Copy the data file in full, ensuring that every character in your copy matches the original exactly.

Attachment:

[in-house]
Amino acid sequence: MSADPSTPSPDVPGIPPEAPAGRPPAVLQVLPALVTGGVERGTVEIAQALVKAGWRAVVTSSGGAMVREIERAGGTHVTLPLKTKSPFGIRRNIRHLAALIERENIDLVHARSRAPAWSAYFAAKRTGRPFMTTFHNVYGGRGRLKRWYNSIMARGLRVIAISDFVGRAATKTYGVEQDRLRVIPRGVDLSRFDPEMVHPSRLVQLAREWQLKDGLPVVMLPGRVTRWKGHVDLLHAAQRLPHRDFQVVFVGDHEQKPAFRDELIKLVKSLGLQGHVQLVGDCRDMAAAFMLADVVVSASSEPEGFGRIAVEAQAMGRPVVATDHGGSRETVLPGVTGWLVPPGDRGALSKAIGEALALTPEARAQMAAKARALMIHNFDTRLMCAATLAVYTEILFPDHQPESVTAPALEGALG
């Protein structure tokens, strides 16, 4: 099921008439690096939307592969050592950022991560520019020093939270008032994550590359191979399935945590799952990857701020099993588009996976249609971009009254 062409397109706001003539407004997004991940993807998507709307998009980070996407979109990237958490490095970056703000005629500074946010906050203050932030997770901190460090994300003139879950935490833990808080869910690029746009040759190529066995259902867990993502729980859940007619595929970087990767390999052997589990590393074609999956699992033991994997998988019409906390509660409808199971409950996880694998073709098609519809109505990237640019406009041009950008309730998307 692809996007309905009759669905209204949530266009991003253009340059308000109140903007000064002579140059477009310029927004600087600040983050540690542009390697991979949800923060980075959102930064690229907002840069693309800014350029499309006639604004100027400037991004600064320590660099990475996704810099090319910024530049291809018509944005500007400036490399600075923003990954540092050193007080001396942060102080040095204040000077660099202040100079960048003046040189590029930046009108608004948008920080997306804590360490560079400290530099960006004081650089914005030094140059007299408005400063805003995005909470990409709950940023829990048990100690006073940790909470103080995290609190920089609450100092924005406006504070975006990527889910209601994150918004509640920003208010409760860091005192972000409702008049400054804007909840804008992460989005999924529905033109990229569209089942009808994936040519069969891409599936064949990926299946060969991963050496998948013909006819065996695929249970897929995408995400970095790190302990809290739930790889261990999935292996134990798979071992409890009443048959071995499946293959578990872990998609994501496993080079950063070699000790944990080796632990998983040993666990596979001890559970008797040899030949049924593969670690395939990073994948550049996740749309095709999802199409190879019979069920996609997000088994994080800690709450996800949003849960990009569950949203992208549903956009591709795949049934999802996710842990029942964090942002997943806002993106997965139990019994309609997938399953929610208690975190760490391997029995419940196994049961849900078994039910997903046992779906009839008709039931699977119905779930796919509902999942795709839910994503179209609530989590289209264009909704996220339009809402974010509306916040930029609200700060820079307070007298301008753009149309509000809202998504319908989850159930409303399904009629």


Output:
[in-house]
Amino acid sequence: MSADPSTPSPDVPGIPPEAPAGRPPAVLQVLPALVTGGVERGTVEIAQALVKAGWRAVVTSSGGAMVREIERAGGTHVTLPLKTKSPFGIRRNIRHLAALIERENIDLVHARSRAPAWSAYFAAKRTGRPFMTTFHNVYGGRGRLKRWYNSIMARGLRVIAISDFVGRAATKTYGVEQDRLRVIPRGVDLSRFDPEMVHPSRLVQLAREWQLKDGLPVVMLPGRVTRWKGHVDLLHAAQRLPHRDFQVVFVGDHEQKPAFRDELIKLVKSLGLQGHVQLVGDCRDMAAAFMLADVVVSASSEPEGFGRIAVEAQAMGRPVVATDHGGSRETVLPGVTGWLVPPGDRGALSKAIGEALALTPEARAQMAAKARALMIHNFDTRLMCAATLAVYTEILFPDHQPESVTAPALEGALG
């Protein structure tokens, strides 16, 4: 099921008439690096939307592969050592950022991560520019020093939270008032994550590359191979399935945590799952990857701020099993588009996976249609971009009254 062409397109706001003539407004997004991940993807998507709307998009980070996407979109990237958490490095970056703000005629500074946010906050203050932030997770901190460090994300003139879950935490833990808080869910690029746009040759190529066995259902867990993502729980859940007619595929970087990767390999052997589990590393074609999956699992033991994997998988019409906390509660409808199971409950996880694998073709098609519809109505990237640019406009041009950008309730998307 692809996007309905009759669905209204949530266009991003253009340059308000109140903007000064002579140059477009310029927004600087600040983050540690542009390697991979949800923060980075959102930064690229907002840069693309800014350029499309006639604004100027400037991004600064320590660099990475996704810099090319910024530049291809018509944005500007400036490399600075923003990954540092050193007080001396942060102080040095204040000077660099202040100079960048003046040189590029930046009108608004948008920080997306804590360490560079400290530099960006004081650089914005030094140059007299408005400063805003995005909470990409709950940023829990048990100690006073940790909470103080995290609190920089609450100092924005406006504070975006990527889910209601994150918004509640920003208010409760860091005192972000409702008049400054804007909840804008992460989005999924529905033109990229569209089942009808994936040519069969891409599936064949990926299946060969991963050496998948013909006819065996695929249970897929995408995400970095790190302990809290739930790889261990999935292996134990798979071992409890009443048959071995499946293959578990872990998609994501496993080079950063070699000790944990080796632990998983040993666990596979001890559970008797040899030949049924593969670690395939990073994948550049996740749309095709999802199409190879019979069920996609997000088994994080800690709450996800949003849960990009569950949203992208549903956009591709795949049934999802996710842990029942964090942002997943806002993106997965139990019994309609997938399953929610208690975190760490391997029995419940196994049961849900078994039910997903046992779906009839008709039931699977119905779930796919509902999942795709839910994503179209609530989590289209264009909704996220339009809402974010509306916040930029609200700060820079307070007298301008753009149309509000809202998504319908989850159930409303399904009629």